KIM LAWTON, correspondent: Hollywood is always on the look-out for a new box-office miracle. And it just might help to start with the bestselling book of all time.
CRAIG DETWEILER, (Professor, Pepperdine University): Whenever Hollywood wants to go big, it often goes biblical.
LAWTON: Ten years ago, the Passion of the Christ earned $600 million dollars and proved that biblical epics can be very lucrative. Now, new digital technologies have made it easier than ever to adapt spectacular Bible stories for the big screen.
DETWEILER: The Bible is loaded with amazing source material, right? Fascinating characters, epic struggles, a big canvas, and global recognition, you know? So obviously for Hollywood looking for source material that they can get that is affordable, that’s [laugh] in the public domain, look no further than the Bible.
LAWTON: But Hollywood is also well aware of the potential pitfalls, not least of which is that people usually know how the story ends.
EDWARD BLUM (Professor, San Diego State University) People don’t just know the story, many of them have really strong feelings about the story.
LAWTON: And therefore, says San Diego State University History Professor Edward Blum, audiences can feel a vested interest in how the story is presented.
BLUM: The stakes are so high. We’re not just talking about a character. We’re talking about sacred characters and we’re talking about sacred stories, and so it’s not just Noah on screen talking to some powerful force, it’s Noah talking to God.
LAWTON: Pepperdine University Communication Professor Craig Detweiler says this year’s epics demonstrate the tricky question faced by filmmakers who take up biblical subjects:
DETWEILER: How do you walk down that, that fine line between saying, “I want to be respectful to the text, but as an artist I also want to bring something new?”
LAWTON: The first two biblical epics of 2014 took vastly different approaches.
DETWEILER: With Son of God you see something that is maybe tailored specifically towards religious audiences and says, “This is a, a film that you will feel comfortable with, that affirms your faith and your understanding.” With Noah you have a more fanciful approach, to the Bible, that’s almost more like a graphic novel.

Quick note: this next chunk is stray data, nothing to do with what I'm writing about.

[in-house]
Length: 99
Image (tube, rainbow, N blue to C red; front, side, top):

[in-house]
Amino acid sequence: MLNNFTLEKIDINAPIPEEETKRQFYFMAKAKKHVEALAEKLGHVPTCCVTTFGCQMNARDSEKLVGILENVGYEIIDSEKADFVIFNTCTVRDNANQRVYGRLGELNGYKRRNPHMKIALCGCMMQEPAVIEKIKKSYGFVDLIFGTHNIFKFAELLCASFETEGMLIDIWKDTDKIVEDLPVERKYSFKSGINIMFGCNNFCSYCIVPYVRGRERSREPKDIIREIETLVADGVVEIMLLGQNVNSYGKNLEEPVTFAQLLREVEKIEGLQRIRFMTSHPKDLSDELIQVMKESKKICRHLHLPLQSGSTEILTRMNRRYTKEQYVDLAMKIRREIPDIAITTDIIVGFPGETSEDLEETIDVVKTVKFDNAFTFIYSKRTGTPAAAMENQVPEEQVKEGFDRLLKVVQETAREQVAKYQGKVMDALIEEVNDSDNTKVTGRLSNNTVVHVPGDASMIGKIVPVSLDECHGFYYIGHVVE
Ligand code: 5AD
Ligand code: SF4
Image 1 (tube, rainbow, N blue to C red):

LAWTON: Noah is banking on the appeal of A-list actors, including Russell Crowe, Emma Watson, Jennifer Connelly and Anthony Hopkins.
ANTHONY HOPKINS (Actor): I think the film is a great epic depicting the struggles of the human being with all his conflicts, his or her conflicts, in a vast and incomprehensible universe.
LAWTON: The Noah story in the Book of Genesis is short and doesn’t give a lot of details. Director and co-writer Darren Aronofsky, who is known for dark films, filled in the blanks in many envelope-pushing ways. He included major characters not mentioned in the Noah Bible account—some non-human--and he creates key plot points not in the original story either.
DARREN ARONOFSKY (Director): If you even look at what’s described in the story, it’s talking about a time before rainbows, when giant angels walked on the earth, when people lived for centuries. It’s clearly a universe that’s different than what we understand now. So to treat it as something that’s not poetic and mythical is a mistake I think. I think really what’s there is something that can inspire us.
LAWTON: With Son of God, released in February, top television producer Mark Burnett and his wife, actor Roma Downey are offering a story that sticks closely to the Gospel accounts of Jesus.
ROMA DOWNEY (Actor): We wanted it to look cool, we didn’t want this to be some old donkeys and sandals thing that maybe had good intention, but wasn’t well executed.
LAWTON: Son of God is an expansion and re-edit of material shot for the Burnetts’ highly successful miniseries, The Bible, which ran on the History Channel last year. They say they took great care to ensure they got things right.
DOWNEY: We worked with academics and scholars, theologians, advisors from all denominations, to make sure that we moved forward accurately and truthfully and always in the spirit of the book.
MARK BURNETT (Producer): I don’t think it’s dangerous territory. I think it’s just a matter of being respectful and within the spirit.
DOWNEY: And being responsible.
LAWTON: But how much responsibility is required from filmmakers and artists?
BLUM: Religious people want their faith to be taken seriously because they take it seriously, and they want others to consider it. But they’re not in charge.